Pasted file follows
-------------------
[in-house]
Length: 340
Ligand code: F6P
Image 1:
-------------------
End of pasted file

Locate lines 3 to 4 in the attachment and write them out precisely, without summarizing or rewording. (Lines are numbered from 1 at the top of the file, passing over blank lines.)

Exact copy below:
Ligand code: F6P
Image 1: